[linux-elitists] (forw) Tripwire: Open Source?

Rick Moen rick@linuxmafia.com
Tue Feb 29 18:36:20 PST 2000


Well, here's the letter I sent in.  It _still_ feels just a little
harsh, but perhaps that will help the message sink in.  <shrug>  

I might have approached the matter in a slightly more-generous spirit
had these guys not applied a cluelessly wrong remedy to the
project-stagnation problem in 1997, creating a gaping hole in free
software that Rami Lehti and friends barely fixed in time.

If nothing else, AIDE deserves some high-profile publicity, and, if it's
at Tripwire, Inc.'s expense, all the better.  The latter people are
awfully late to the party, _if_ they're in fact joining us at all.



----- Forwarded message from Rick Moen <rick> -----

Date: Tue, 29 Feb 2000 18:28:21 -0800
From: Rick Moen <rick>
To: letters@lwn.net
Subject: Tripwire: Open Source?
X-Mailer: Mutt 1.0i

Dear Ms. Coolbaugh and Mr. Corbet:

I note with interest your 2000-02-29 news item, "Tripwire goes Open 
Source".

The company press release in question -- and their FAQ at
http://www.tripwire.org/faq.html -- claims an "open-source" version will
be available in Q3 2000, but conspicuously fails to state under what
licence.  I hope they will clarify their intentions, and have written
them to inquire.

The history of Tripwire is interesting.  Contrary to the lwn.net story's
claim, Tripwire did _not_ originate under an open source model:

It was written by Gene Kim and Gene Spafford at Purdue's COAST Lab, with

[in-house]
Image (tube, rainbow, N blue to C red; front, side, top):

copyright held by Purdue Research Foundation, and was among the many 
proprietary security packages widely _assumed_ (in error) to be free
software (like SSH after v. 1.2.12, COPS, SATAN, and PGP), because of
source-code availability.  But, like the others, it had permitted-usage,
USA-export, and patent restrictions.  Kim and Spafford then developed 
the code through v. 1.2 at COAST, at which time the project stagnated --
perhaps because of its restrictive licencing.

In 1997, Purdue Reseach Foundation (the code's owner) licenced exclusive
commercial rights to Gene Kim's new company, initially named Visual
Computing Corporation, then Tripwire Security Systems, Inc., and finally
Tripwire, Inc.  That company has released versions 1.3 through 2.2.1 as
proprietary, binary-only software (while furnishing source in an
"Academic Source Release" (ASR) variant subject to certain proprietary
restrictions).

The point is that Tripwire, Inc. may still be unclear on open-source
licencing -- as Tripwire has never used it, over its entire eight-year
history.  E.g, wording like the FAQ's statement that "There are 
currently no plans to make open source any of the other UNIX
versions..." makes one wonder if the company is aware that OSD-compliant
licences (http://www.opensource.org/osd.html) permit anyone to freely
port the code to additional platforms.

Additionally, one wonders what latitude Tripwire, Inc. will have in
deciding its licence -- since to my knowledge Purdue Research Foundation
still owns the underlying copyright, and has _not_ open-sourced its
property.

Meanwhile, the leading GPLed replacement for the proprietary Tripwire 
package, Rami Lehti's AIDE (Advanced Intrusion Detection Environment, at
http://www.cs.tut.fi/~rammer/aide.html) has already advanced to exceed
Tripwire ASR's capabilities, and of course benefits from the accelerated
development cycle characteristic of genuine open-source licencing.

In that sense, it would make sense for Tripwire, Inc. to genuinely
open-source its product, as that might help it to compete.

-- 
Cheers,                        My pid is Inigo Montoya.  You kill -9    
Rick Moen                      my parent process.  Prepare to vi.
rick (at) linuxmafia.com 

----- End forwarded message -----




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